State opposes Evans hearings

Claims by man sentenced to death in '83 killings cover old ground, prosecution argues


In a brief filed yesterday with Maryland's highest court, lawyers for the state argued that death row inmate Vernon Lee Evans Jr. is not entitled to any of the hearings that his attorneys have requested or an injunction against state executions because the issues raised in his most recent legal challenges have been settled during 12 years of appeals.

Lawyers with the attorney general's office also urged the court to dismiss two of Evans' claims on procedural grounds. The 75-page brief was submitted to the Court of Appeals yesterday - the filing deadline set by the court when it halted the convicted killer's scheduled execution Feb. 6 to hear his legal challenges.

Evans' lawyers have asked the court for a hearing to explore whether he was unfairly sentenced to death because of the policy of Baltimore County's top prosecutor, as well as statewide racial and geographic disparities in the use of capital punishment; a new sentencing hearing on the grounds that the attorneys who represented him at a 1992 sentencing hearing failed to provide effective counsel; and a new trial, arguing that a prosecutor unconstitutionally stripped the jury of nearly all African-Americans at Evans' 1984 trial.

The defense attorneys also asked for an injunction barring executions in Maryland until the state's lethal injection procedures are rewritten.

Oral arguments in the case are scheduled for next month.

Evans, 56, was sentenced to death for the 1983 contract killings of two Pikesville motel employees, David Scott Piechowicz and his wife's sister, Susan Kennedy. Piechowicz and his wife, Cheryl, had been scheduled to testify in a federal drug case against Baltimore drug lord Anthony Grandison, who was convicted of offering Evans $9,000 to kill the witnesses.

In their brief, lawyers with the attorney general's office focus much of their rebuttal on Evans' claim that his previous lawyers failed to investigate his abusive childhood and that presenting such evidence might have persuaded at least one juror to vote against sentencing him to death. Lawyers for the state offered a summary of Evans' sentencing hearings in 1984 and 1992.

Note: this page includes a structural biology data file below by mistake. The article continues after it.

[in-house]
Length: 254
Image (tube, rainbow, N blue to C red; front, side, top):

"Both sentencing counsels' strategies were reasonable at the time the decisions to pursue each of them was made," the state lawyers wrote. "That there may be a third approach to sentencing in Evans' case does not make any other approach deficient."

Of a psychosocial evaluation offered by Evans' attorneys as evidence of the abuse that previous lawyers failed to uncover, the state's counsel wrote, "Shorn of its melodrama and hyperbole, [the report] does not show that Evans `grew up in a toxic household characterized by chronic conflict, predictable violence and hopeless despair,'" as Evans' lawyers have argued.

Rather, the state's attorneys wrote, the evaluation shows that Evans' parents had marital difficulties, that his father was a "tough disciplinarian who, not unlike many parents in the '50s, resorted to use of a belt for punishment," and that "not unlike many father-son relationships, Evans, the only son, and his father had an ambivalent relationship."

The state's lawyers also point out that an incident characterized by Evans' current lawyers as his attempt, at age 10, to commit suicide to escape an unhappy life was described by Evans' mother to his previous lawyers as a drug overdose when Evans began using drugs.


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